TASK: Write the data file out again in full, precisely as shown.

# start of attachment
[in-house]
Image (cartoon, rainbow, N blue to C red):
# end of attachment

[in-house]
Image (cartoon, rainbow, N blue to C red):